The History of Botox

History of Botox - image of sausages
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Read on to find out how Botox was first discovered as a poison back in 1820 and went on to become a facial rejuvenation phenomenon.

Ask any ordinary person what Botox is and they’ll tell you it’s something which is injected into people’s faces to get rid of their wrinkles. While this is true, it’s far from the whole story. Botox has a long and fascinating history as well as a wide range of applications well beyond helping people to look younger. The fact that Botox is a toxin created by types of bacterium shouldn’t worry people as lots of very beneficial medicines have some very scary sounding origins and/or can be harmful if used incorrectly. With that in mind, here is the story of Botox from its discovery in a bad sausage (seriously) to its current use as an aesthetics marvel.

The Poisonous Sausage

In 1820 in Germany, people died from eating bad sausages. Dr Justinus Kerner discovered what had killed them was a type of poisoning which would come to be called Botulism because it is caused by a toxin called botulinum which is created by a bacterium called Clostridium botulinum. He noted the symptoms for this poisoning included drooping eyelids, muscle weakness and paralysis. Experimentation went on to reveal that botulinum toxin caused paralysis by blocking nerves from releasing acetylcholine which is a neurotransmitter which, essentially, tells the muscles to contract.

The Eyes Have It

Experimentation with this toxin continued throughout the 19th and early 20th century until, in the 1960s, scientists began to discover botulinum toxin had some potentially beneficial effects. Dr. Edward J. Schantz and his colleagues managed to make a purified crystalline form of the toxin which they found could be used in tiny doses to paralyse muscles spasming and causing problems. An ophthalmologist began experimenting using the toxin to paralyse muscles around the eye to treat strabismus (crossed eyes). By the late 70s, this was a recognised effective treatment for strabismus and doctors continued to experiment with its use for facial muscle spasms, neck and shoulder spasms and even vocal cord spasms.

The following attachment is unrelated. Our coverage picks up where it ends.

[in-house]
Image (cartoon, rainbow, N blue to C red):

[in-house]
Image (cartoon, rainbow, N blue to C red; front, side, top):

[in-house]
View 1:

Turn That Frown…

Doctors treating patients using botulinum toxin began to notice a side effect to their treatment. Some patients had visibly fewer frown lines than they had before they began the treatment. In 1992, Dr. Jean Carruthers and her husband, a dermatologist, published a paper describing these effects and ten years later, botulinum toxin, now shortened to Botox, was licensed by the FDA in the USA for use treating frown lines. By this point, Botox was already being used to treat all kinds of facial wrinkles but it would also go on to treat excessive sweating, migraines, overactive bladder and other conditions caused by muscle spasms or overactive muscles.

Since the early 2000s, the use of Botox has become so popular and so widespread that people of all ages are trying it. The main benefit of its use becoming so ubiquitous is that its application has become increasingly refined and is now very safe and skilled practitioners can produce very subtle and specific effects.

At Summa Aesthetics, Botox injections are administered by Lexi Davies who is an experienced and qualified nurse. Not only does she have experience of assisting with very intricate operations as a theatre nurse in neurosurgery, she also has a wealth of experience and training on Harley Street to give Botox injections. This means she can create very subtle effects if required and can administer Botox in a totally safe but effective way. To find out more about Botox and what it can do for you, call 0783 741 3101.

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